Quantcast Multiple Solid Shields

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MIL-HDBK-419A
8.4 SHIELDING EFFECTIVENESS OF OTHER SHIELDS.
8.4.1 Multiple Solid Shields.
There are cases when it is appropriate to consider using two or even three layers of shielding material rather
than a single sheet to obtain particular total shielding characteristics.  The most frequently encountered
circumstances are when good protection against both electric and magnetic fields is desired, although other
situations also occur.
Although Mumetal and similar types of high-permeability alloys provide good shielding for low-frequency weak
magnetic fields, they tend to be less effective under the saturating effects of high-level fields.  Where
magnetic shielding in strong signal environments is necessary, it is often desirable to use a multiple shield,
where the outer material has a lower permeability but a higher saturation level than the inner material. Such a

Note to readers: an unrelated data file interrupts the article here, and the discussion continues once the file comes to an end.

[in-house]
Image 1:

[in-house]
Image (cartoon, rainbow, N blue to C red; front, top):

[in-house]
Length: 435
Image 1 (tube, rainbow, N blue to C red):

structure might be constructed with materials having the characteristics given in Table 8-10.
Table 8-10
Magnetic Material Characteristics
Inner Material
Outer Material
(Netic S 3-6)
Property
(Co-Netic AA)
300.0
Initial Permeability
20,000.00
500.0
Permeability at 0.02 tesla
80,OOO.OO
2.2
Saturation Inductance (tesla)
0.75
The material thickness necessary would be dictated by the unexpected levels of external fields and the desired
suppression.
When much of the usefulness of shielding is due to reflection loss, two or more layers of metal separated by
dielectric materials and yielding multiple reflections, will provide greater shielding than the same thickness of
metal in a single sheet. The separation of the two layers of metal is necessary to provide for the additional
discontinuous surfaces. A similar advantage has been noted with magnetic sheet materials (see Figure 8-17).
For the special case where two metallic sheets of the same material and thickness are separated by an air
space, the penetration and reflection losses are each twice of those of a single sheet. However, the correction
factors differ from double the value of a single sheet. One term in the correction factor is negative over much
of the frequency range.
8-31





 


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